An investigative journalist, accused of taking sexual advantage of a mentally disabled young woman on a hospital ward, has denied the charges along with evidence he is an escort specialising in satisfying the desires of people with special needs.
Anthony Moncrieffe, 67, of Buckland Hill, Maidstone, told the Isleworth Crown Court jury his provocative website 'Pascale Princesses' and sex-worker profile was a front to infiltrate a company, which provides escorts to the disabled, which he suspected of exploitation.
He has pleaded not guilty to five counts of sexual activity with a mentally disabled person between between September 27 and November 15, 2012 at the Royal Brompton Hospital, Chelsea.
Four counts relate to kissing the Dover woman on the lips and the fifth alleges Moncrieffe, a veteran of the Daily Mirror; Sunday People; Press Association and Reuters, put his hand between her legs.
He was the subject of a separate police probe in November 2011 when a bag belonging to him, which contained the profile, details of his website, his press card and viagra was found, apparent evidence of the defendant passing himself off as a sex consultant.
"I don't think I'd be a sex worker, look at me," Moncrieffe told the jury, insisting he had invented a persona so he could investigate the Tender Loving Care Trust, but abandoned the project after two weeks.
"I wanted to infiltrate the organisation because I suspected disabled people were being exploited and my job is to bring that out into the public domain.
"A condition of TLC is that you have your own website giving more information on yourself, including more pictures in evening wear and swimwear.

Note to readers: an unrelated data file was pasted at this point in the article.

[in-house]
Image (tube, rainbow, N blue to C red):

"It seems they are a bone fide organisation, legal. There was no story there."
Different members of hospital staff have given evidence against the father-of-four, who regularly visited the woman, and the first said he lifted her oxygen mask and kissed her on the lips.
Moncrieffe explained: "It was an adult-sized mask and she's got a very little face and the mask kept slipping down. I pushed it back onto the bridge of her nose and tightened it.
"She is always smiling and I said: 'Good girl,' and kissed her on the tip of her nose."
The second witness claims seeing Moncrieffe with the oxygen mask in his hand and suspecting him of kissing the woman, but admits their view was not clear.
"What would I want to kiss a little girl on the lips for?," asked the defendant. "Particularly a sick little girl."
A third witness says he was lying on the hospital bed, beside the woman, when he leaned over, lifted the oxygen mask and kissed her.
A fourth claim they heard the sound of kisses coming from Moncrieffe and the woman and he was arrested the day another member of staff says he was touching her between the legs.
"We were holding hands and our hands were resting on her lap," he told the jury. We always held hands, a child likes security.
"The next thing I knew two uniformed security guards arrived."